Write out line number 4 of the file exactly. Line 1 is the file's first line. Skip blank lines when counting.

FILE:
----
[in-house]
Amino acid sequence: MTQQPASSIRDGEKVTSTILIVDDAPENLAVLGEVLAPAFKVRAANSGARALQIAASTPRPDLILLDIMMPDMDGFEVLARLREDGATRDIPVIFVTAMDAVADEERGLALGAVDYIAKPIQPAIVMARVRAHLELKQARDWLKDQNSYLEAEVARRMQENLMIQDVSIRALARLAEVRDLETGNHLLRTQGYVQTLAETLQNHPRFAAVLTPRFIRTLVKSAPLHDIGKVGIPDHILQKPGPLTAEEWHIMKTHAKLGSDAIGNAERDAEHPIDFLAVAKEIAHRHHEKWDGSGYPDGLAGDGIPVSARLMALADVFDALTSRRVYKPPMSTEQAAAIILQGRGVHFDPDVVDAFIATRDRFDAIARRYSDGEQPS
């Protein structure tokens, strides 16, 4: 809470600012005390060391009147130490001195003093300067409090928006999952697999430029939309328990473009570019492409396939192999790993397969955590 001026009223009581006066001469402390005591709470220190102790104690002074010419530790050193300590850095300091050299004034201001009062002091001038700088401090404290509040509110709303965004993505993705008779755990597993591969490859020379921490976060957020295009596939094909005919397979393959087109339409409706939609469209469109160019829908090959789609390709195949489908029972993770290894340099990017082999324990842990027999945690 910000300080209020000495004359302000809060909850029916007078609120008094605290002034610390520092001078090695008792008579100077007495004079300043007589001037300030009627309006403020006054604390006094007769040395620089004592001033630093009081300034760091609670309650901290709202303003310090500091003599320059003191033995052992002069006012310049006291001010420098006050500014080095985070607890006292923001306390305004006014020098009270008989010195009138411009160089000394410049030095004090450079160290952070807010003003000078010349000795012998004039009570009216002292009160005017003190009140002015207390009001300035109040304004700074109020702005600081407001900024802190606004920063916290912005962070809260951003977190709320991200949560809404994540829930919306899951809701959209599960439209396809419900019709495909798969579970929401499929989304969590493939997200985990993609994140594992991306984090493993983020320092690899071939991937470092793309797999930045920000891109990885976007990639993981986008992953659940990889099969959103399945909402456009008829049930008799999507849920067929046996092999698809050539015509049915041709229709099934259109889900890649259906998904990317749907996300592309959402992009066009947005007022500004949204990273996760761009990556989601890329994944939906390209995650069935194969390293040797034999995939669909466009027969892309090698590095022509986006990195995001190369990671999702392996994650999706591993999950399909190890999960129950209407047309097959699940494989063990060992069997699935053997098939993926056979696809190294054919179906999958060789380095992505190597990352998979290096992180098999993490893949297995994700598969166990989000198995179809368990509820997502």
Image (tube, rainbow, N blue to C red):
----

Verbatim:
Image (tube, rainbow, N blue to C red):